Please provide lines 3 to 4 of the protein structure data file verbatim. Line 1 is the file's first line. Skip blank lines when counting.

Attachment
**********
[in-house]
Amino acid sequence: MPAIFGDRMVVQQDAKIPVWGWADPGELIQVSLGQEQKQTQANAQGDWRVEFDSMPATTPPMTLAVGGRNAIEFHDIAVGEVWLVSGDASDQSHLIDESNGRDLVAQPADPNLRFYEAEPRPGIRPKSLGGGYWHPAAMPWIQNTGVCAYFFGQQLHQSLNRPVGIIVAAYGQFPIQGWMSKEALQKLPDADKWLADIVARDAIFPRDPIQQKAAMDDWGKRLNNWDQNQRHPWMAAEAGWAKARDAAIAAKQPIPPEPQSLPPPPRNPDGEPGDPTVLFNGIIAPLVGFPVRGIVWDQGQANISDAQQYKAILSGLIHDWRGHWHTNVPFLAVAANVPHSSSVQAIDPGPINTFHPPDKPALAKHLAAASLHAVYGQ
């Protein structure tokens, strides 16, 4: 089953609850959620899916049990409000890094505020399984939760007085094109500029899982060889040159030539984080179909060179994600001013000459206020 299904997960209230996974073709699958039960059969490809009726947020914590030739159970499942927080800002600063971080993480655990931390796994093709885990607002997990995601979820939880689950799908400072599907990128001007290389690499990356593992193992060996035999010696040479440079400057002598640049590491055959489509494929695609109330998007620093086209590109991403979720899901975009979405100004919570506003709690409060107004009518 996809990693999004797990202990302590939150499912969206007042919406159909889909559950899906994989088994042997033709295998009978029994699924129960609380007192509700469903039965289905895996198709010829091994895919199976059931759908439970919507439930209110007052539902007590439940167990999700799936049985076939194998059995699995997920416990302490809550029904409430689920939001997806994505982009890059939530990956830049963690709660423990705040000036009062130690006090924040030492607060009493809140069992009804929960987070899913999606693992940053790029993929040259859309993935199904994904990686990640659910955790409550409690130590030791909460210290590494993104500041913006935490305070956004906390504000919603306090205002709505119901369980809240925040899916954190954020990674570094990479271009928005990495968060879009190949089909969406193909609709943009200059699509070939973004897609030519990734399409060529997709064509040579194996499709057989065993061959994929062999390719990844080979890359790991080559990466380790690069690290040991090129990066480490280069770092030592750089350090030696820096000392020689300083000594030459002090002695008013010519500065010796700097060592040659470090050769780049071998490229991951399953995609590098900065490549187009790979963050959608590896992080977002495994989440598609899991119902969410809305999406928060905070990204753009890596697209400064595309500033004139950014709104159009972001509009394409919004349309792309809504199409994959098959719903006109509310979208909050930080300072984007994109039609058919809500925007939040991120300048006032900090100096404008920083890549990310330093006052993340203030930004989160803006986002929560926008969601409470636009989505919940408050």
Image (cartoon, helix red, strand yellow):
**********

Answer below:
């Protein structure tokens, strides 16, 4: 089953609850959620899916049990409000890094505020399984939760007085094109500029899982060889040159030539984080179909060179994600001013000459206020 299904997960209230996974073709699958039960059969490809009726947020914590030739159970499942927080800002600063971080993480655990931390796994093709885990607002997990995601979820939880689950799908400072599907990128001007290389690499990356593992193992060996035999010696040479440079400057002598640049590491055959489509494929695609109330998007620093086209590109991403979720899901975009979405100004919570506003709690409060107004009518 996809990693999004797990202990302590939150499912969206007042919406159909889909559950899906994989088994042997033709295998009978029994699924129960609380007192509700469903039965289905895996198709010829091994895919199976059931759908439970919507439930209110007052539902007590439940167990999700799936049985076939194998059995699995997920416990302490809550029904409430689920939001997806994505982009890059939530990956830049963690709660423990705040000036009062130690006090924040030492607060009493809140069992009804929960987070899913999606693992940053790029993929040259859309993935199904994904990686990640659910955790409550409690130590030791909460210290590494993104500041913006935490305070956004906390504000919603306090205002709505119901369980809240925040899916954190954020990674570094990479271009928005990495968060879009190949089909969406193909609709943009200059699509070939973004897609030519990734399409060529997709064509040579194996499709057989065993061959994929062999390719990844080979890359790991080559990466380790690069690290040991090129990066480490280069770092030592750089350090030696820096000392020689300083000594030459002090002695008013010519500065010796700097060592040659470090050769780049071998490229991951399953995609590098900065490549187009790979963050959608590896992080977002495994989440598609899991119902969410809305999406928060905070990204753009890596697209400064595309500033004139950014709104159009972001509009394409919004349309792309809504199409994959098959719903006109509310979208909050930080300072984007994109039609058919809500925007939040991120300048006032900090100096404008920083890549990310330093006052993340203030930004989160803006986002929560926008969601409470636009989505919940408050």
Image (cartoon, helix red, strand yellow):